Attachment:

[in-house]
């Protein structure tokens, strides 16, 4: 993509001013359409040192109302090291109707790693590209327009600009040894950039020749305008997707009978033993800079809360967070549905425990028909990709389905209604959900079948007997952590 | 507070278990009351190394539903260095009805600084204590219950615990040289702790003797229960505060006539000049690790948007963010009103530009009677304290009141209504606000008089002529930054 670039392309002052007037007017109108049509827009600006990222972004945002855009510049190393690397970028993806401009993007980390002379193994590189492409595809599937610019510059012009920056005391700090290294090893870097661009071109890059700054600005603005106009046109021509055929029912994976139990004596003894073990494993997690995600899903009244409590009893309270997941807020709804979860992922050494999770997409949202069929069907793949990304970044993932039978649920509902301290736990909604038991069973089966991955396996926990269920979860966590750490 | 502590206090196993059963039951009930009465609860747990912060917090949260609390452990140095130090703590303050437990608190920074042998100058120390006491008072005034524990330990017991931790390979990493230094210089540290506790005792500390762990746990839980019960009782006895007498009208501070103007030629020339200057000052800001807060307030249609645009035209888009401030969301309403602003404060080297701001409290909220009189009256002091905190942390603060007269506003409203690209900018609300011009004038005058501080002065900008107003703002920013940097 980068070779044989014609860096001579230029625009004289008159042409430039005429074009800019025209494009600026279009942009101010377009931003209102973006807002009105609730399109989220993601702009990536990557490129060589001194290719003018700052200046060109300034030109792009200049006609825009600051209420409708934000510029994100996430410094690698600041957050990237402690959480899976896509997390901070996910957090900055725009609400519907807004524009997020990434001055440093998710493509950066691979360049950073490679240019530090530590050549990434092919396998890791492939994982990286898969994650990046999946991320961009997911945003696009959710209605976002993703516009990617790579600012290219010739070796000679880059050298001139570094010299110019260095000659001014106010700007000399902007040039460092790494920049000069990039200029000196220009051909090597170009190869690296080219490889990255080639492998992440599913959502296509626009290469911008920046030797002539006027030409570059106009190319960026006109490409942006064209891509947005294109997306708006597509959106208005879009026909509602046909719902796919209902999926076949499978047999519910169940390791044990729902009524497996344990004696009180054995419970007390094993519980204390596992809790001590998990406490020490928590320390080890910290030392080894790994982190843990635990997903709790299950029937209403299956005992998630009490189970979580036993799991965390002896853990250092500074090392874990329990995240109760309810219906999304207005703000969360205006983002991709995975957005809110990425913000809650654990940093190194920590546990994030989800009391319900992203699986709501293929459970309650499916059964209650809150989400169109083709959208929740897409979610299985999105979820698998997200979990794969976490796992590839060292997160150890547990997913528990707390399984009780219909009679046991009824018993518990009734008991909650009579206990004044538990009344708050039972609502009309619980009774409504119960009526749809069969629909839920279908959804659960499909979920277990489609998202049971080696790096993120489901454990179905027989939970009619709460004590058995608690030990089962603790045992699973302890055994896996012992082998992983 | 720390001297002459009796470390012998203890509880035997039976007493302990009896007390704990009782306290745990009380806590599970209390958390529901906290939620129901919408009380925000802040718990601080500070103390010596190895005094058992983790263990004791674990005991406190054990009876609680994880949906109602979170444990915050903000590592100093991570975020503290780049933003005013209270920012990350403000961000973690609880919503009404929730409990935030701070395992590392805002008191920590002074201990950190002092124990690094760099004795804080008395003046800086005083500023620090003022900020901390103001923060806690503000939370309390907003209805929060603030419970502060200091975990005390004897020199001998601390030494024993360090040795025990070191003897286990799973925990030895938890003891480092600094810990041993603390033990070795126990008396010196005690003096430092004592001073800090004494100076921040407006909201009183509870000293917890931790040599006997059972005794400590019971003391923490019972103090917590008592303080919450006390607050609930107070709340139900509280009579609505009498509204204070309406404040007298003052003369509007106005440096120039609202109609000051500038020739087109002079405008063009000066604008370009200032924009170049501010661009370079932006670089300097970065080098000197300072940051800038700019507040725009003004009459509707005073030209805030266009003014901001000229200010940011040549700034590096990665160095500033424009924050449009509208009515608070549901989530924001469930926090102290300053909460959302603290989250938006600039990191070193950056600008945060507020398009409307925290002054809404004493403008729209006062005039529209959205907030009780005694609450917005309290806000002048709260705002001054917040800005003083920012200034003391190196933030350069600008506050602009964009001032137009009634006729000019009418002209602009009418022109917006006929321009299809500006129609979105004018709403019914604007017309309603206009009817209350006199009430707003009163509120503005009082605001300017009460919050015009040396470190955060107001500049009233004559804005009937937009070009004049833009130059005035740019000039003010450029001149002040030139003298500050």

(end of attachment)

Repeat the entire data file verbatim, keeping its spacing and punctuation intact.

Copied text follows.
[in-house]
């Protein structure tokens, strides 16, 4: 993509001013359409040192109302090291109707790693590209327009600009040894950039020749305008997707009978033993800079809360967070549905425990028909990709389905209604959900079948007997952590 | 507070278990009351190394539903260095009805600084204590219950615990040289702790003797229960505060006539000049690790948007963010009103530009009677304290009141209504606000008089002529930054 670039392309002052007037007017109108049509827009600006990222972004945002855009510049190393690397970028993806401009993007980390002379193994590189492409595809599937610019510059012009920056005391700090290294090893870097661009071109890059700054600005603005106009046109021509055929029912994976139990004596003894073990494993997690995600899903009244409590009893309270997941807020709804979860992922050494999770997409949202069929069907793949990304970044993932039978649920509902301290736990909604038991069973089966991955396996926990269920979860966590750490 | 502590206090196993059963039951009930009465609860747990912060917090949260609390452990140095130090703590303050437990608190920074042998100058120390006491008072005034524990330990017991931790390979990493230094210089540290506790005792500390762990746990839980019960009782006895007498009208501070103007030629020339200057000052800001807060307030249609645009035209888009401030969301309403602003404060080297701001409290909220009189009256002091905190942390603060007269506003409203690209900018609300011009004038005058501080002065900008107003703002920013940097 980068070779044989014609860096001579230029625009004289008159042409430039005429074009800019025209494009600026279009942009101010377009931003209102973006807002009105609730399109989220993601702009990536990557490129060589001194290719003018700052200046060109300034030109792009200049006609825009600051209420409708934000510029994100996430410094690698600041957050990237402690959480899976896509997390901070996910957090900055725009609400519907807004524009997020990434001055440093998710493509950066691979360049950073490679240019530090530590050549990434092919396998890791492939994982990286898969994650990046999946991320961009997911945003696009959710209605976002993703516009990617790579600012290219010739070796000679880059050298001139570094010299110019260095000659001014106010700007000399902007040039460092790494920049000069990039200029000196220009051909090597170009190869690296080219490889990255080639492998992440599913959502296509626009290469911008920046030797002539006027030409570059106009190319960026006109490409942006064209891509947005294109997306708006597509959106208005879009026909509602046909719902796919209902999926076949499978047999519910169940390791044990729902009524497996344990004696009180054995419970007390094993519980204390596992809790001590998990406490020490928590320390080890910290030392080894790994982190843990635990997903709790299950029937209403299956005992998630009490189970979580036993799991965390002896853990250092500074090392874990329990995240109760309810219906999304207005703000969360205006983002991709995975957005809110990425913000809650654990940093190194920590546990994030989800009391319900992203699986709501293929459970309650499916059964209650809150989400169109083709959208929740897409979610299985999105979820698998997200979990794969976490796992590839060292997160150890547990997913528990707390399984009780219909009679046991009824018993518990009734008991909650009579206990004044538990009344708050039972609502009309619980009774409504119960009526749809069969629909839920279908959804659960499909979920277990489609998202049971080696790096993120489901454990179905027989939970009619709460004590058995608690030990089962603790045992699973302890055994896996012992082998992983 | 720390001297002459009796470390012998203890509880035997039976007493302990009896007390704990009782306290745990009380806590599970209390958390529901906290939620129901919408009380925000802040718990601080500070103390010596190895005094058992983790263990004791674990005991406190054990009876609680994880949906109602979170444990915050903000590592100093991570975020503290780049933003005013209270920012990350403000961000973690609880919503009404929730409990935030701070395992590392805002008191920590002074201990950190002092124990690094760099004795804080008395003046800086005083500023620090003022900020901390103001923060806690503000939370309390907003209805929060603030419970502060200091975990005390004897020199001998601390030494024993360090040795025990070191003897286990799973925990030895938890003891480092600094810990041993603390033990070795126990008396010196005690003096430092004592001073800090004494100076921040407006909201009183509870000293917890931790040599006997059972005794400590019971003391923490019972103090917590008592303080919450006390607050609930107070709340139900509280009579609505009498509204204070309406404040007298003052003369509007106005440096120039609202109609000051500038020739087109002079405008063009000066604008370009200032924009170049501010661009370079932006670089300097970065080098000197300072940051800038700019507040725009003004009459509707005073030209805030266009003014901001000229200010940011040549700034590096990665160095500033424009924050449009509208009515608070549901989530924001469930926090102290300053909460959302603290989250938006600039990191070193950056600008945060507020398009409307925290002054809404004493403008729209006062005039529209959205907030009780005694609450917005309290806000002048709260705002001054917040800005003083920012200034003391190196933030350069600008506050602009964009001032137009009634006729000019009418002209602009009418022109917006006929321009299809500006129609979105004018709403019914604007017309309603206009009817209350006199009430707003009163509120503005009082605001300017009460919050015009040396470190955060107001500049009233004559804005009937937009070009004049833009130059005035740019000039003010450029001149002040030139003298500050």